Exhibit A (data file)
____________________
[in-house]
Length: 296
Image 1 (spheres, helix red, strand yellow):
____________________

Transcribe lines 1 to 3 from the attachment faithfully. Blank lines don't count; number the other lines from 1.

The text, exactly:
[in-house]
Length: 296
Image 1 (spheres, helix red, strand yellow):